I apologize for being a little behind on my Nonfiction November post this week! I’ve been prepping for my Thanksgiving trip and finishing up at work, plus obsessing over a few exciting things that are coming up in the next few weeks. November is always such a busy month, especially this last week!
If you’re in the US, I hope you have safe travels this week for Thanksgiving and that you enjoy your holidays. If you’re not in the US, enjoy this last week in November before the holiday rush!
Nonfiction November was such an amazing experience this time around. Everyone has been so enthusiastic, it’s hard not to let your TBR grow and grow and grow. This week, we’re asking participants to list the books that they’ve added to their TBR, along with a link to the blogger who recommended it. This week’s host is Katie at Doing Dewey, so make sure you head over to her blog with your link.
Good Soldiers and Thank You For Your Service by David Finkel – Recommended by Elisabeth at The Dirigible Plum – From Elisabeth’s blog: “I continue to recommend David Finkel’s Thank You For Your Service, one of my favorite books in 2013. Finkel follows the soldiers he profiled in Good Soldiers (also an excellent nonfiction read) after they return home to the U.S. The aftermath of war is no lovelier than war itself, and this is not an easy book to read. But Finkel makes you care passionately for these soldiers and their families. I finished this book and felt changed by the experience of reading it.”
The Worst Hard Time by Timothy Egan – Recommended by Jennifer at The Relentless Reader – From Jennifer’s blog: “I thought I knew quite a bit about the Dust Bowl. I was wrong. The author combined history with personal narratives to craft an exceptional book that was heartbreaking and incredibly informative.”
The Glass Cage by Nicholas Carr – Recommended by Travis at Head Subhead – From Travis’s blog: “The book I’ve recommended most to folks is Nicholas Carr’s The Glass Cage. It was fascinating. My guess is if you are reading this post then you need to read The Glass Cage. It’s not too long and not hard to understand. But you will look at your computer, phone, car, TV and airplanes in a whole new light after reading this book. So much of our lives and work is automated these days. This shift happened so fast. What are the implications? Does anyone know? Just think about this – the same impulse/feeling you get when you misspell a word, because you know auto-correct will get it, is due to the same mental lull that has been attributed to airline crashes. You need to read this book.”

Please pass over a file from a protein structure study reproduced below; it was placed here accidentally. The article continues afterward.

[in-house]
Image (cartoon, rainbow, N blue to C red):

Black Berry, Sweet Juice by Lawrence Hill – Recommended by Ana at Things Mean A Lot – From Ana’s blog: “I recently finished Lawrence Hill’s Blood: A Biography of the Stuff of Life, which I really enjoyed and hope to review at some point. I especially liked the book’s exploration of racial identity and of the biological myths that still surround our understanding of race, so it only makes sense to go on to read the book Lawrence devoted entirely to the topic.”
Running Like A Girl by Alexandra Heminsley – Recommended by Sophie at Paper Breathers – From Sophie’s blog: “I love Heminsley’s narrative because I think it speaks to many of us who laze around and can’t really muster up the willpower to go running. And even if we do, it’s only that one day a
yearmonth when we feel like we’re on top of the world, and then reality hits and we realize that running is painful and difficult and SO FREAKIN’ TIRING. Heminsley had the same problems and complaints, but she also found good things along the way that balanced out the bad – for example, making friends with strangers on the run, or running by the sea, or running with a friend who really needs it emotionally. We’re privy to the painful, joyous, tragic, and triumphant moments of her life as she slowly falls in and out of love with running.”